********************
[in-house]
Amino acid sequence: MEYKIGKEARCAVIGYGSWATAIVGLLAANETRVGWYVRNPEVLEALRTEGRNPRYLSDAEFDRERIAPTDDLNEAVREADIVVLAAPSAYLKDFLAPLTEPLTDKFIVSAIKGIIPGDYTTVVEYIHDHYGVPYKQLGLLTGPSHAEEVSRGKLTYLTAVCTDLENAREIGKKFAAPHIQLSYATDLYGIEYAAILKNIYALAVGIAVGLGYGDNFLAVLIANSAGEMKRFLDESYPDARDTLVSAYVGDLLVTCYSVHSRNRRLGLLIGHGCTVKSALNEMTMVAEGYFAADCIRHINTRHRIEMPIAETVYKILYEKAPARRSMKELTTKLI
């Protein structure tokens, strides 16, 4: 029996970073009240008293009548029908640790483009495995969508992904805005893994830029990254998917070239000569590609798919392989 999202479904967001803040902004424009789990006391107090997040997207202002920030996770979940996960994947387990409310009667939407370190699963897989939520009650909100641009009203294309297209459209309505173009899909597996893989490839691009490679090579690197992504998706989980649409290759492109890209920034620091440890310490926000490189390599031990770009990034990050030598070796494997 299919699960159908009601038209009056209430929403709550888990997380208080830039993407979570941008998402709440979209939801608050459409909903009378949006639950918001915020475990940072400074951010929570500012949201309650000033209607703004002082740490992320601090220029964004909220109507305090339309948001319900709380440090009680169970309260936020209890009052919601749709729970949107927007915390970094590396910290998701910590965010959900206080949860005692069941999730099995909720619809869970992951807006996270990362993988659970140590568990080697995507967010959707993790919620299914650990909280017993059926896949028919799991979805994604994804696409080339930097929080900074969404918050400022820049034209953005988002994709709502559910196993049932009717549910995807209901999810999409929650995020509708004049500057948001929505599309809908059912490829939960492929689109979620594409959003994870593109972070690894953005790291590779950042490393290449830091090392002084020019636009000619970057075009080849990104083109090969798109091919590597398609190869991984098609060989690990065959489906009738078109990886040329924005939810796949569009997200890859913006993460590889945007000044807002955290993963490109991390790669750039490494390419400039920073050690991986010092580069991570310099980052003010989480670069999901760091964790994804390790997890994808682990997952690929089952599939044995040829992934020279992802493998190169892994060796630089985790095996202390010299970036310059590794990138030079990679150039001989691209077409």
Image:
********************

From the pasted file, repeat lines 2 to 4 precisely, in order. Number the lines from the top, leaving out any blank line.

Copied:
Amino acid sequence: MEYKIGKEARCAVIGYGSWATAIVGLLAANETRVGWYVRNPEVLEALRTEGRNPRYLSDAEFDRERIAPTDDLNEAVREADIVVLAAPSAYLKDFLAPLTEPLTDKFIVSAIKGIIPGDYTTVVEYIHDHYGVPYKQLGLLTGPSHAEEVSRGKLTYLTAVCTDLENAREIGKKFAAPHIQLSYATDLYGIEYAAILKNIYALAVGIAVGLGYGDNFLAVLIANSAGEMKRFLDESYPDARDTLVSAYVGDLLVTCYSVHSRNRRLGLLIGHGCTVKSALNEMTMVAEGYFAADCIRHINTRHRIEMPIAETVYKILYEKAPARRSMKELTTKLI
């Protein structure tokens, strides 16, 4: 029996970073009240008293009548029908640790483009495995969508992904805005893994830029990254998917070239000569590609798919392989 999202479904967001803040902004424009789990006391107090997040997207202002920030996770979940996960994947387990409310009667939407370190699963897989939520009650909100641009009203294309297209459209309505173009899909597996893989490839691009490679090579690197992504998706989980649409290759492109890209920034620091440890310490926000490189390599031990770009990034990050030598070796494997 299919699960159908009601038209009056209430929403709550888990997380208080830039993407979570941008998402709440979209939801608050459409909903009378949006639950918001915020475990940072400074951010929570500012949201309650000033209607703004002082740490992320601090220029964004909220109507305090339309948001319900709380440090009680169970309260936020209890009052919601749709729970949107927007915390970094590396910290998701910590965010959900206080949860005692069941999730099995909720619809869970992951807006996270990362993988659970140590568990080697995507967010959707993790919620299914650990909280017993059926896949028919799991979805994604994804696409080339930097929080900074969404918050400022820049034209953005988002994709709502559910196993049932009717549910995807209901999810999409929650995020509708004049500057948001929505599309809908059912490829939960492929689109979620594409959003994870593109972070690894953005790291590779950042490393290449830091090392002084020019636009000619970057075009080849990104083109090969798109091919590597398609190869991984098609060989690990065959489906009738078109990886040329924005939810796949569009997200890859913006993460590889945007000044807002955290993963490109991390790669750039490494390419400039920073050690991986010092580069991570310099980052003010989480670069999901760091964790994804390790997890994808682990997952690929089952599939044995040829992934020279992802493998190169892994060796630089985790095996202390010299970036310059590794990138030079990679150039001989691209077409």
Image: